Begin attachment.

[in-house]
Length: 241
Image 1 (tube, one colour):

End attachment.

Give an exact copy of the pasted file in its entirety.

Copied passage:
[in-house]
Length: 241
Image 1 (tube, one colour):